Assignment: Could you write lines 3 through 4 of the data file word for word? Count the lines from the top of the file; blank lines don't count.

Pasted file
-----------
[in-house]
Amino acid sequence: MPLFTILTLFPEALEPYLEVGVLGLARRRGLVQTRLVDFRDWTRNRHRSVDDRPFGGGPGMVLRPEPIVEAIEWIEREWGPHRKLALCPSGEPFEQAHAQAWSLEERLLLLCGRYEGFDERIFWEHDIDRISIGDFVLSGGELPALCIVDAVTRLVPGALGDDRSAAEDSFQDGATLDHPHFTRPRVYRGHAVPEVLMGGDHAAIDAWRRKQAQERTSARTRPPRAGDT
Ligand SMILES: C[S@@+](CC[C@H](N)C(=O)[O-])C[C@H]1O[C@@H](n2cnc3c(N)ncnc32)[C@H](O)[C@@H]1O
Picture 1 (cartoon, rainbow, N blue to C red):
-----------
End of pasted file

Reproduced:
Ligand SMILES: C[S@@+](CC[C@H](N)C(=O)[O-])C[C@H]1O[C@@H](n2cnc3c(N)ncnc32)[C@H](O)[C@@H]1O
Picture 1 (cartoon, rainbow, N blue to C red):